Last week as part of the International Dublin Literature Festival, Jacqueline Wilson came to visit to give a talk in the RDS. When the event popped up on my Facebook feed a few months ago, it wasn’t even a questions if I would be going or not.
If you’re a reader, you’ll always remember the author that got you interested in books. For me that was Jacqueline Wilson. For years she was the only person I would read, my young mind finding it disloyal at even the thought of reading someone else’s books. My local library was full of battered well read books by her, and I remember every time I finished one it was easy to pick up another one. Sitting in my bed reading novels such as Lizzy Zipmouth, Clean Break and the Worry Website was how I spent my childhood. I can vividly remember sitting at my desk with my tongue sticking out in concentration, as I tried to replicate the illustrations of Nick Sharratt. Or reading Totally Jacqueline Wilson in an effort to see if there was a secret formula to become a great writer.
As we took our seats in the RDS concert hall, it was beyond difficult to hold in my excitement. After being informed that there would be no book signings, which was received by a a few boos from the audience (book talks can get crazy you know), Jacqueline walked onto the stage.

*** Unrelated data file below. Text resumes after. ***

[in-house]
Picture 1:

After greeting us all, she seated herself in a plush armchair. She’s as you imagine her to be. She has the presence of a kind, delicate grandmother and speaks elegantly while moving her hands expressingly, making her bracelets tinkle like chimes. For the next 40 minutes she entertained us with stories about her journey on becoming a writer, while keeping within tone for all the young children who were eagerly looking up at her in awe.
The talk was wrapped up with questions from the audience, some sweet, others very cringy, but Jacqueline took it all in her stride. She addressed everyone as ‘dear’ or ‘sweetheart’ and her soft and warm presence didn’t falter once. It can often be disappointing getting to see someone who you hold great memories for, but leaving the talk I only felt elated.
As the audience was leaving it was a nostalgic sensation to see so many young readers clutching her latest novel, Rent A Bridesmaid. It was also such a wonderful feeling to see that even though I’ve out grown her books, her talent to captivate young minds still lives on.
My question for this weeks blog is, who was your favourite childhood author and why?